Although businesses attracted to the area will not benefit from the usual rates discount, the local economy stands to receive a boost from the creation of as many as 25,000 new jobs and the building of 16,000 new homes across the Nine Elms on the South Bank regeneration area.

The proposals have received a healthy thumbs-up from local residents, with around three quarters of people responding to a third public consultation on the new Tube link with positive or neutral comments.

Michèle Dix, managing director of Planning for TfL, said: "This third public consultation very much confirms that there is very strong support for this transport link. These two new Tube stations at Battersea and Nine Elms will create access to the London Underground for thousands of people, as well as cutting journey times from this part of London to the West End and the City to around 15 minutes."

TfL also says it would reduce pressure on Vauxhall station, offer relief to the existing Northern Line south of Kennington and provide wider access to leisure and employment opportunities for local people.

Having lobbied in his own inimitable style for the Northern Line extension, the Mayor of London Boris Johnson has welcomed the progress made to date on the funding scheme.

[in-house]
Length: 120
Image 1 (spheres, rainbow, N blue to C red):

"I am delighted that after months of intensive discussions and hard work we have got the go ahead from government on financing an extension to the Northern Line, which is hugely significant as Nine Elms is one of the areas with the greatest prospect for new development in the whole of the capital," he said.

"It will be an incredible confidence boost for developers preparing to invest there and it will also be a considerable boost for local people who will benefit from the new Tube link."

As officials from the Mayor's Office and TfL finalise arrangements for financing of the extension with the government, a consultation is also underway for the extension itself, which must be carried out before the Transport and Works Act Order is submitted.

If planning approval is obtained from the government and a funding package is in place, construction on the Northern Line extension could begin in 2015, with the two new stations opening as early as 2020.